The practicalities of the mechanical techniques for reducing the density and shifting the centre of mass of the vehicle may well have to be determined by physical experimentation.
Rather than attempting to solve the cryobot phase model around an existing RPS, the model left the RPS mass and dimensions as variables; even at an early stage in the design of a Europa Subsurface Explorer Mission this approach may prove to be impractical.
The cryobot phase mathematical model (section 5) assumed consistent ice properties and therefore a constant ice penetration velocity as it was intended to provide rough vehicle parameters (mass, dimensions and power) to satisfy the density change constraint and various other cryobot phase criteria. As stated in section 3.1, a cryobot must be able to function within heterogeneous ice; a more rigorous design process must factor in the changing thermodynamic properties of the ice with depth, along with ice impurity content and structure.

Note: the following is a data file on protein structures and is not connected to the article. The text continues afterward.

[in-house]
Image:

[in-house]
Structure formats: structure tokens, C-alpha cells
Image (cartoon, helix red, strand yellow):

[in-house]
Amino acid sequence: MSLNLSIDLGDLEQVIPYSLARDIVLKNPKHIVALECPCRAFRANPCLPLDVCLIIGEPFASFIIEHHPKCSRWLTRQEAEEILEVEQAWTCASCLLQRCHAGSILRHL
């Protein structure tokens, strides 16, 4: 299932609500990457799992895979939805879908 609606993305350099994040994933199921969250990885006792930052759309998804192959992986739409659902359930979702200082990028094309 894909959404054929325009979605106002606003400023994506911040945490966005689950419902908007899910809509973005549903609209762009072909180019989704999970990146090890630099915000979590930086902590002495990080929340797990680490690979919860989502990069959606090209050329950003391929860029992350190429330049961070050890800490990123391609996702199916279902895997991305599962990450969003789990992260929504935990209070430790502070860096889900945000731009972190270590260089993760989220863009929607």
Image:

An objective of the single-stage cryosub concept is the ability to use the cryobot phase RPS on the same vehicle to provide electrical power for the submarine phase of operations. A simple heat transfer model was produced to determine how the RPS of mass and dimensions derived by the cryobot phase model in section 5 would behave within the ocean environment. The model calculated the hot and cold junction temperatures of the thermoelectric generator, which was initially modelled after NASA’s Multi-Mission Radioisotope Thermoelectric Generator (MMRTG).
Assuming the development of a new packaging system for the plutonium-238 dioxide and hence a reduced volume power source, it was found that the low thermal conductivity requirement of the thermoelectric generator material could be relaxed slightly. The thermoelectric generator junction temperature calculated using the theoretical heat transfer model agreed roughly with those found by a Computational Fluid Dynamics (CFD) Simulation of the generator in the ocean environment. (While the theoretical model assumed uniform junction temperatures, the CFD simulation was able to show the temperature distribution across the junctions.) Differences between the junction temperatures predicted by the theoretical model and the CFD simulation may be partially explained by the theoretical model’s use of a correlation (equation (23)) considering only the curved surface area of the generator.